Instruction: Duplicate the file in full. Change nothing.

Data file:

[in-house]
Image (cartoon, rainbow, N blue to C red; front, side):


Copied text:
[in-house]
Image (cartoon, rainbow, N blue to C red; front, side):